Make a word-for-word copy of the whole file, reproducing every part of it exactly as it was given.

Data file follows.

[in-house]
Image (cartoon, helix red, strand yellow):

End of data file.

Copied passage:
[in-house]
Image (cartoon, helix red, strand yellow):